My mom just left after a 3-day visit, probably the most calm I've ever been in my life being around her. This forgiveness business really works. I was able to stay grounded and remain patient with her (she has schizophrenia and her disease has some nerve-racking aspects about it). But more importantly, I was able to be kind and gentle with myself. I used to think I needed to be like mother Theresa and feel only compassion for her because of her disease. Turns out that when I acknowledge how I really feel (to myself, through th journal), I,m actually better able to be nice. I don't need to pretend to have feelings for her that I don't have as long as I treat her with respect, which I always have.

    But of course the journaling is not magic. I know what it likes to be stuck, too. There have been people who I've been journaling about for 3 months with very little progress. I have gone from super angry to angry. I guess that's progress. Who knows when the breakthrough will come. We just keep at it the best we can on any given day.

    All the best, guys!
     
    Seraphina likes this.
  17. sybilla

    sybilla Peer Supporter

    Thank you Ellen. Your reply was very helpful.
    I think I will go for "journaling occasionally". As I wrote earlier I have put down on paper some episodes from my childhood which stand strongest in my mind and I don't think I can journal about them more than I have done. The main thing is
    that I have realized that is where it "all" started and is still hurting. What is not working for me either is having bad pain and connecting it with a recent incident or stress. I will look into Steve Connena's methods.
    I agree with you that we probably all have to find our own method and to know which one is the best for os we need a lot of insight and patience.
     
    Ellen likes this.
  18. sybilla

    sybilla Peer Supporter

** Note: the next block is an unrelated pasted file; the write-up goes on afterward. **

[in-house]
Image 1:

I agree with you. Believing that the pain is 100 per cent structural is very hard. The doubts keep kreeping up all the time.
     
  19. sybilla

    sybilla Peer Supporter

    Thank you for your thoughts. Your childhood must have been hard. My parents did not mess up completely. In fact they probably were what you would call "decent people". Life was hard for them. It cannot be used as an excuse for not loving your children though but sometimes people just don't know how to treat children. If I look at my "episodes" from childhood I know exactly where my lacking self worth, shame and nervousness come from. If I forgave my mother ( dead) I would feel that I betrayed my inner child once more. I probably have misunderstood the meaning of forgiveness and I hope one day I will be able to and my wounds will heal. But at the moment I have to (like yourself) nurture the neglected child.
     
  20. sybilla

    sybilla Peer Supporter

    Thank you Anaya for your reply. I keep reminding myself of my mothers upbringing and hard life but I feel very much she was doing things TO ME (maybe without wanting to be cruel). When you struggle all your life (starting when I was a teenager)
    with anxiety, depression, low self worth etc. it is not easy to just forgive because you are daily reminded of why you have these issues. I also realize that there is no use to keep on blaming. I have to move on and being good to myself (my inner child) is the way forward for me at the moment.